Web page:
ELECTRICAL NEUROIMAGING EVIDENCES OF SEX DIFFERENCES IN SOCIAL COGNITION: FACE PROCESSING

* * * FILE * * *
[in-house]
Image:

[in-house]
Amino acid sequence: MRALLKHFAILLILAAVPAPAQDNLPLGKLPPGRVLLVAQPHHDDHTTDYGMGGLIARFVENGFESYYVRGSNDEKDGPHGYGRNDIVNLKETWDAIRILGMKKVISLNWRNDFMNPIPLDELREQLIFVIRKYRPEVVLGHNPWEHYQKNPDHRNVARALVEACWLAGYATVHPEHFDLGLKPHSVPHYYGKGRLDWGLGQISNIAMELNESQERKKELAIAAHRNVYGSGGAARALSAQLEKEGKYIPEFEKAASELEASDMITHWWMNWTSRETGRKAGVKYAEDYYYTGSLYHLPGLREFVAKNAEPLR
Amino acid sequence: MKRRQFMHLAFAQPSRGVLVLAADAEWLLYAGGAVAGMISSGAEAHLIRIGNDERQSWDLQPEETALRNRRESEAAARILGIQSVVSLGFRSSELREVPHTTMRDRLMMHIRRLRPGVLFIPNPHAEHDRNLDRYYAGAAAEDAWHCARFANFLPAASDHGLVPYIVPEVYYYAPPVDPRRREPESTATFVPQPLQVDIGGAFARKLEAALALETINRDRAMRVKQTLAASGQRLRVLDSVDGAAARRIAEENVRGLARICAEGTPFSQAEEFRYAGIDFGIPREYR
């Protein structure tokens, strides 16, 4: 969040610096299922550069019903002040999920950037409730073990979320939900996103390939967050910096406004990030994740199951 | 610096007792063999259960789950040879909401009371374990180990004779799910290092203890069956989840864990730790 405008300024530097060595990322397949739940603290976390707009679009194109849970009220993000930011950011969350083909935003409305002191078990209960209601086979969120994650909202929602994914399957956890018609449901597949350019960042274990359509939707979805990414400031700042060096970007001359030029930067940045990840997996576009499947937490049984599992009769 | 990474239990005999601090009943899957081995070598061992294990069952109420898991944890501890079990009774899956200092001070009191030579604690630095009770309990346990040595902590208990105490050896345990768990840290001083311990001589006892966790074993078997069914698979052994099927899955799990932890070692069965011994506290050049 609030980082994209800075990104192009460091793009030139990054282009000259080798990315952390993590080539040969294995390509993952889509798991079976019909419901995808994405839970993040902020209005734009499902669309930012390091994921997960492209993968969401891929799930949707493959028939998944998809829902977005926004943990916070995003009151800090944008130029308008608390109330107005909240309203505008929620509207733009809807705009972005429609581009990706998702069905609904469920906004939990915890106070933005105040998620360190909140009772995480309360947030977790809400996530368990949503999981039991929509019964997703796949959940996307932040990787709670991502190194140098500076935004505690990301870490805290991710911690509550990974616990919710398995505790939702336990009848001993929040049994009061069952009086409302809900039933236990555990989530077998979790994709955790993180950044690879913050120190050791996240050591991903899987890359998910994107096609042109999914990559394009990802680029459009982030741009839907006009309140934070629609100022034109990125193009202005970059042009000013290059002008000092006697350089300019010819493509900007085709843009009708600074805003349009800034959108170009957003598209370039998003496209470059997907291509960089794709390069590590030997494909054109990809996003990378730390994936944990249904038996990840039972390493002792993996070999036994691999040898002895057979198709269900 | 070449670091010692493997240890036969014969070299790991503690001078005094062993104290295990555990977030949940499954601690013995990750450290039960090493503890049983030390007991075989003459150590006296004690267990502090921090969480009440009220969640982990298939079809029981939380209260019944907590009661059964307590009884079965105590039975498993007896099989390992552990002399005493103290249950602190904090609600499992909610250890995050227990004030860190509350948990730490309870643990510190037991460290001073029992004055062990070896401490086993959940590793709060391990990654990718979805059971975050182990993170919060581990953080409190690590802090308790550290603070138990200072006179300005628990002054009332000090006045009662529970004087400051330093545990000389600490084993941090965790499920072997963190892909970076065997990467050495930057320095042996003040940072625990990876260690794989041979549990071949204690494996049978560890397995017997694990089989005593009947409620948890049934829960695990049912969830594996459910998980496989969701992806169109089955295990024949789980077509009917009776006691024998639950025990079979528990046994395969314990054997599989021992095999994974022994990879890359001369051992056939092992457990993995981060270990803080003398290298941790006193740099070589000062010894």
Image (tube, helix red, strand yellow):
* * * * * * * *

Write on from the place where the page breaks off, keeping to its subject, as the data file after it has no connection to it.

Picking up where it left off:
It is currently believed that face processing predominantly activates the right hemisphere in humans, but available literature is very inconsistent. In this study, ERPs were recorded in 50 right- handed women and men in response to faces of different age and sex and technological objects. Results showed no sex difference in the amplitude of N170 to objects; a much larger face-specific response over the right hemisphere in men, and a bilateral response in women; a lack of face-age coding effect over the left hemisphere in men, with no differences in N170 to faces as a function of age; a significant bilateral face-age coding effect in women. LORETA reconstruction showed a significant left and right asymmetry in the activation of the fusiform gyrus (BA19), in women and men, respectively. The present data reveal a lesser degree of lateralization of brain functions related to face coding in women than men. In this light, they may provide an explanation of the inconsistencies in the available literature concerning the asymmetric activity of left and right occipito-temporal cortices devoted to face perception during processing of face identity, structure, familiarity or affective content.